Covid Vaccines Explained

Christina Kingan ’23
EE Staff Writer

Hope is in the air with a new year, and our normal lives potentially just around the corner. The long-awaited COVID-19 vaccine is finally becoming available to the public. After many trial and error processes, the CDC has approved four different ways of fighting the virus, all of them aiming to prepare the immune system to be able to fight off the virus if ever exposed to it. Each works in its own specific way according to the Vaccine Alliance organization, Gavi.

The first type is the whole-virus vaccine. This type of vaccine weakens the virus and makes it nonpathogenic (inactive). When the inactive virus enters the body, it stimulates an immune response without causing disease to the body. When the body’s immune system reaches the virus, it will attack it with antibodies and T cells. The purpose of this is to allow memory cells to remember the virus and be able to know what cells to produce to target the virus more efficiently the next time the body encounters it. 

The second type is the protein subunit vaccine. This method takes the spike proteins of the virus and introduces them to the body. Like the previous method, this type of vaccine is also incapable of causing disease.

The benefit of this vaccine is that it is cheaper and easier to make. The disadvantage is that since the fragments cannot infect host cells and are less threatening, the immune system may not recognize them as attacking cells. The problem with this is that they will prompt a weaker immune response. To prevent this from being the case, vaccines of this type will usually include chemical agents known as adjuvants, which will trigger a more robust response from the body. Another alternative is the administration of booster shots, which are extra doses of the vaccine to boost the immune system even more.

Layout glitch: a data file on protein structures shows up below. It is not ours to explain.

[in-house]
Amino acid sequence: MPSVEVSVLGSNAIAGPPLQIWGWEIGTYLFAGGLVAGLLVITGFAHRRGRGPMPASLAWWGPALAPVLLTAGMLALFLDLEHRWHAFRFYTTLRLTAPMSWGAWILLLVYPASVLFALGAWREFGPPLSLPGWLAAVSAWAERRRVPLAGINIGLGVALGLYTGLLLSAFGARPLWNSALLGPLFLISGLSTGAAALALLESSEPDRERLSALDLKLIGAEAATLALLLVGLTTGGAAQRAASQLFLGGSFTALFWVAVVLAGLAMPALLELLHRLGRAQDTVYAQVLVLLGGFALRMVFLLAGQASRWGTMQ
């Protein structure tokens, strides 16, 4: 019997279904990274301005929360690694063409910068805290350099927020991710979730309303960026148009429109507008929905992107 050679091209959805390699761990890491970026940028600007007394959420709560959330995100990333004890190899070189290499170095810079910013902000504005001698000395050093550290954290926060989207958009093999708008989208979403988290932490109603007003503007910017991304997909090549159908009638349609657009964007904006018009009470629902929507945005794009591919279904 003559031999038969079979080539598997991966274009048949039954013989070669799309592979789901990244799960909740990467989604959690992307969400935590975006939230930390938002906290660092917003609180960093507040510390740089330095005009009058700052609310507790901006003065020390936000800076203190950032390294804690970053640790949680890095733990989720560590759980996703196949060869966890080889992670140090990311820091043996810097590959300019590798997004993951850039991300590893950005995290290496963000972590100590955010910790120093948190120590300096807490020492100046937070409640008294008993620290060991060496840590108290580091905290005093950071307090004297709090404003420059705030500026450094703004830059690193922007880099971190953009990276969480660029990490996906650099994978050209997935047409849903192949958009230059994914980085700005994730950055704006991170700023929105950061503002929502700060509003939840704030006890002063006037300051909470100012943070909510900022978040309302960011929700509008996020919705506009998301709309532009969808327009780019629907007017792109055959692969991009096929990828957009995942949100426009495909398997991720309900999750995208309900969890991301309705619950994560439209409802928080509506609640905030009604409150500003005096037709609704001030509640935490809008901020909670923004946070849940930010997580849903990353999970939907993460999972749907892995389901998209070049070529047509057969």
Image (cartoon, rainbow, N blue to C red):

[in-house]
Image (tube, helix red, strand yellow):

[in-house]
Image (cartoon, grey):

Where these vaccines rely on exposing the body to the virus by putting the antigens inside, other vaccines have been developed that allow for the body to learn to fight off the virus by using their own cells. By controlling the cell mechanisms, these vaccines have the ability to copy the way the virus usually reproduces during what would be an actual infection. As opposed to producing copies of the virus, the cells will only produce large quantities of antigen, which will trigger strong immune responses.

The two types of vaccines that go this route are viral vector vaccines and mRNA vaccines. In both cases, they aim to take fragments of genetic code taken from the target virus to put into the patients’ cells.

Specifically for Covid, the strand SARS-CoV-2 is inserted into the patient’s cells. The mRNA vaccines are direct. They attach the virus’s code to another molecule for the molecule to bring the code into the cell, or the code can be pushed into the cell by using a gene gun. The vaccines are cheap and relatively easy to develop, so that is an advantage, but with everything, it is still new technology.

The viral vector vaccine also takes the genetic code of the antigen, but instead of just putting it into the patient’s cells, it will be delivered utilizing a harmless virus that acts as a vessel. It delivers the code into the cells rather than the code being directly inserted like in the mRNA vaccine process. These can be a little harder to develop, but they trigger strong immune responses without the need for additional adjuvants. The appealing side of this method is that vectors could support various antigens, which, in theory, can speed up the development of the vaccine.